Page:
• Michelle Hunniford

Pecking Part 3: Prevention and Treatment

Updated: Jan 8

This post is a continuation of two previous posts on pecking (Part 1 and Part 2). As with most things, it is less costly to prevent something from happening than to deal with the fallout. In the case of pecking, and especially severe feather pecking, there is sometimes very little that can be done once the birds start doing it. Although aggressive pecking and feather pecking have very different motivations, there is some overlap in terms of prevention and treatment strategies.


RISK FACTORS


There are some key risk factors that may cause problematic pecking behaviour to develop in the first place. Some strains of chickens are more prone to pecking, like brown birds tend to be worse feather peckers than white birds. Birds housed in non-cage housing systems also tend to feather peck more than birds in cages. As stated in Featherwel, the most common cause of injurious pecking is change. So if changes need to be made in lighting, the feeding program, or transitioning birds between barns, it should be done gradually or with strategies in place to minimize the impact.



PREVENTION


Here are a few strategies that may help prevent both feather pecking and aggressive pecking:

  • Maintain good litter quality -- dry, friable -- including providing early access

  • Provide pecking enrichments -- this helps to fulfill foraging motivation and prevent feather pecking, and may distract birds from being aggressive

  • Make sure there is enough fibre and protein in the diet

  • House birds at lower densities

  • Install housing systems that provide enough resources (e.g. feeders, drinkers) for all birds and do not make resource guarding possible -- will help minimize aggression due to competition

  • Provide perches so birds can escape each other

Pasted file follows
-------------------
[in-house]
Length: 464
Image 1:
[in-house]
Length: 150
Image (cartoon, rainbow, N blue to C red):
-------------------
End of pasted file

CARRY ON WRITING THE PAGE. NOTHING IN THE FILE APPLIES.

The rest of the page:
• Match the birds' rearing environment to their layer environment

  • Walk the flock! Often. Wear different clothes. Make some noise. Try and get the birds used to different stimuli so they will be better prepared if/when something scary happens (e.g. loud clap of thunder). Stress can trigger pecking.


INDICATORS


Some early indicators of feather pecking include:

  • Feathers disappearing from the floor -- indicates an issue as soon as they start to disappear

  • Broken feather tips -- wings and tails

  • Feather damage, particularly on the back of the hen at the base of the tail

Some indicators of aggression include:

  • Feather loss on the head and neck

  • Wounds on the comb -- scabs or cuts


TREATMENT


If you notice signs of feather pecking and aggression in a flock, it is important to intervene. Here are a couple of treatments or things to check to try and prevent pecking problems from getting worse:

  • Provide enrichment -- this works better used as a prevention strategy but it may slow progression. Enrichments should be periodically changed to keep birds interested

  • Emergency beak treatment -- may need to be done if a flock has not been beak treated and there are signs of severe feather pecking developing. Even in countries that have banned beak treatment, this is allowed as a last resort treatment to prevent cannibalism from developing

  • Remove pariah birds (lowest in hierarchy) or if possible identify highly aggressive individuals and segregate

  • Check the diet and make sure there is enough protein and fibre

  • Check to see if the birds are experiencing a disease challenge. The stress caused by disease (also including mite infestation) can trigger feather pecking

  • Lower light intensity levels -- this is a common initial intervention strategy in North America but is a last resort in Switzerland. It should not be done lightly because it cannot be raised once lowered

Hens using a Pekstone enrichment

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